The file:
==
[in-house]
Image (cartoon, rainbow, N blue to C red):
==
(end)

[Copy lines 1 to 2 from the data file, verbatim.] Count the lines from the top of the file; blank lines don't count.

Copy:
[in-house]
Image (cartoon, rainbow, N blue to C red):